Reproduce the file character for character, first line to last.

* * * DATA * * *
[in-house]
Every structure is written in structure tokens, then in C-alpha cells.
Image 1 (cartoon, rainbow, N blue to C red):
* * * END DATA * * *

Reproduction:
[in-house]
Every structure is written in structure tokens, then in C-alpha cells.
Image 1 (cartoon, rainbow, N blue to C red):